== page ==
Dances between few and without touching: “El 18”, the great popular party of Chile, in pandemic mode

First modification: 17/09/2020 – 16:42Last modification: 17/09/2020 – 16:41

Santiago (AFP)

Like several Latin American countries, Chile this week commemorates its Independence from Spain without the typical mass celebrations that were the norm before the pandemic and that for many are more important than New Year’s Eve.

The three-day revelries in parks, houses and spaces specially accommodated for the “fondas” or “ramadas” of 18, as they call these parties with food stalls, traditional games and “zapateo de cueca”, the national dance, were suspended throughout the country as a result of the pandemic, which has left almost 440,000 infected and more than 12,000 dead.

Even with several cities in quarantine or in transition to greater openness, some previously massive celebrations will have a new version, mobile or even online.

This is the case of the “Yein Fonda” in Santiago, a ramada founded in 1996 by the renowned rock band Los Tres, which will have a virtual format and includes the payment of an online ticket to enjoy musical groups.

Some city halls in Santiago also organized short and mobile celebrations, on board tourist buses, with live groups of typical music where they distribute empanadas and encourage neighbors to dance without touching, masked and with alcohol gel.

This year the party “has a sense of joy and sadness,” José Orellana, a 50-year-old auto mechanic, a passionate cueca dancer, told AFP who joined a “mobile Ramada” in the Estación Central neighborhood.

In this neighborhood, one of the most populated in the Chilean capital and with an important community of immigrants, especially Haitians, Dominicans and recently Venezuelans, some foreigners were encouraged to learn some dance steps at the foot of the bus that brings the party to sectors residential.

Orellana regrets a year that has been “very hard, which has affected the economic plane, many people have been laid off.”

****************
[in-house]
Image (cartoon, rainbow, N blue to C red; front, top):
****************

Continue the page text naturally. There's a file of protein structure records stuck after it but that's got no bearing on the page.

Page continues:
Dressed in his typical costume from the Chilean countryside, he pleads that “the life we ​​always lead will return very soon, without masks, looking at our faces, greeting us with a hug, a kiss.”

“It is a different celebration because we must not forget that we must take good care of ourselves, because there is only one life and we can have it all our lives,” he concluded before another round of dancing.

– Litmus test in pandemic –

September is for Chileans the month of “national holidays” and the preamble to the southern spring. Traditionally sales increase in all areas, many companies tend to give a bonus for a long holiday and school vacations.

For two decades, in keeping with the boom in the Chilean economy, middle and upper class families reserved this date to travel to the Caribbean or Europe.

But the scenario took a sharp turn and not only because of the pandemic. With the economy in decline, Chile is immersed in a public debate that involves politics and the social, focused on the constitutional plebiscite to be held in October, a week after the first anniversary of a social outbreak that in 2019 shook the foundations of this country.

“We cannot put at risk all these achievements made so far” in the pandemic, launched the Minister of Health, Enrique Paris, on Wednesday when he announced that the 18 deaths in the last day was “the lowest figure in 90 days.”

The authorities seem to hold their breath before this week of testing for the control -now down- of the coronavirus. Epidemiologists and political analysts have said that varying levels of openness this month pose a greater risk to the crucial October 25 referendum.

“In no way what happens this weekend (of National Holidays) can change the subject of the Plebiscite,” stressed the minister.

The call is to celebrate at home, with family groups of no more than 10 people and always with physical distance, masks and hand washing. “We must arrive healthy and leave the festivities for October 26,” say campaigns for the plebiscite on the networks.

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